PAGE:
Season to prepare fresh vegetables
Where did the phrase “Eat your vegetables!” - delivered with stern expression and wagging forefinger - come from? No one says, “Eat your steak!” or “Eat your pizza!” At some point, “vegetables” became synonymous with “good for you,” which translated to “tastes bad, but you have to choke it down.” But life without vegetables -- and fruits -would be boring and colorless (brown meat, white fish, beige grains).
A new cookbook, “Vegetarian Everyday” by David Frenkiel and Luise Vindahl, will have everyone in your family clamoring to eat their veggies.
Here’s the authors’ story: When they met six years ago, he was an “unhealthy vegetarian” living on pasta, pizza, sweets and ice cream. She was a health-conscious omnivore. When they realized that they were in love and wanted to live together, they began to work out a compromise. He began by eliminating processed foods and refined sugars from his repertoire; she began experimenting with vegetarian main courses.
They started a blog, “Green Kitchen Stories,” which they write when not working at their day jobs from a “crammed but charming apartment” in Stockholm, Sweden, where they live with their toddler daughter.
Some of the recipes are vegan; some are glutenfree. But blessed with good health and no food intolerances or allergies, this small family embraces all manner of plant matter. Their “pantry,” as they describe it, has more than 100 items (oil, nuts, seeds, grains, flours, legumes, grains, pastas, natural sweeteners) that account for the use of the word “crammed.” Their cupboards hold an array of whole flours, dried fruits, seeds and grains.
Their fridge spills over with seasonal vegetables, along with “seven million jars of nut butters and spreads, goat’s yogurt and three different versions of plant milk, usually oat, almond and rice,” all kept in place by a giant organic cabbage, which Frenkiel says, is “so big we throw it in just before closing the door, thus it’s always the first thing that jumps out when you open it.”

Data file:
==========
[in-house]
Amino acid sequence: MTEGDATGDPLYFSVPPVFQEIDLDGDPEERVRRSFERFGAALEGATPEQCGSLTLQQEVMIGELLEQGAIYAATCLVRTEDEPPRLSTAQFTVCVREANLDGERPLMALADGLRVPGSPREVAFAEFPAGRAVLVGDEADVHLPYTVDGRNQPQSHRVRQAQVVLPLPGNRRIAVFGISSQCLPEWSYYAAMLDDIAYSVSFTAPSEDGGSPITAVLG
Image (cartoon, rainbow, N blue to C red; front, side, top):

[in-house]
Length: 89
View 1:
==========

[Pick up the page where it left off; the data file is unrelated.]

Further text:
“Even though it might sound like a parody,” Frenkiel concludes, “this is an exact description of our how kitchen looks right now. We don’t have a perfect and clean home, but we do love whole foods.”
Loving whole foods takes time and commitment; how much easier to microwave the frozen pizza! But if this busy Swedish family can do it in a small, urban apartment, it inspires us to do the same.
These recipes, perfect for summer, will make you happy to eat your veggies! POTATO SALAD WITH DILL AND HORSERADISH Yield: 4 servings For the salad: 2 1/4 pounds small new potatoes
15 to 20 small heirloom tomatoes, preferably different colors and shapes, halved or quartered, depending on size
2 cups fresh sugar snap peas, sliced lengthwise
1 large handful fresh dill, coarsely chopped For the dressing: 1 (1-inch) piece fresh horseradish, grated
2 to 3 tablespoons cider vinegar
2 to 3 tablespoons extravirgin olive oil
Sea salt and freshly ground black pepper
Place the potatoes in a saucepan with just enough cold, salted water to cover. Bring to a boil, then reduce heat to a simmer; cook until a sharp knife can easily pierce them. Time will vary with size of potatoes, but for small ones start checking after 15 minutes. Drain and set aside to cool.
Meanwhile, combine the tomatoes, peas and dill in a large serving bowl.
In a small bowl, whisk together the dressing ingredients, seasoning to taste with salt and pepper. Add the cooled potatoes to serving bowl, pour the dressing over and toss to coat.
ROASTED TOMATO AND CHICKPEA SOUP Yield: 4 to 6 servings 2 1/4 pounds ripe tomatoes, halved
2 2/3 cups chickpeas, soaked and cooked (preferable) or canned and drained
6 garlic cloves, crushed with back of knife
Leaves from 4 sprigs oregano, plus a few extra leaves for garnish 1-teaspoon paprika 2 tablespoons extra-virgin olive oil Sea salt Water, if needed Plain yogurt for garnish Preheat oven to 400 degrees. Place the tomatoes, chickpeas and garlic on a rimmed baking sheet. Sprinkle the oregano and paprika over all and drizzle with the oil. Bake for about an hour, or until the tomatoes are bubbling and slightly blackened in places. Remove from the oven and set aside a few chickpeas for serving. Scrape all the ingredients into a blender or food processor and blend until smooth. Add salt to taste.
Add a little water if needed to reach the consistency you like. Serve in bowls or glasses with a dollop of yogurt, a sprinkle of fresh oregano leaves and a few roasted chickpeas on top. This is especially delicious served with a slice of sourdough bread.
New potatoes and snap peas get a kick from horseradish dressing